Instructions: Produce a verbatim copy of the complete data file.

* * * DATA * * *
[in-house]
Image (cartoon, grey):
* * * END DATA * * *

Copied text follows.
[in-house]
Image (cartoon, grey):